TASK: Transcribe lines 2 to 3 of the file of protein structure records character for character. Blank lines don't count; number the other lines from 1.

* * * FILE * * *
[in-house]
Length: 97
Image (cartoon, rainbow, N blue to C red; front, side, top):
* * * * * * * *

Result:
Length: 97
Image (cartoon, rainbow, N blue to C red; front, side, top):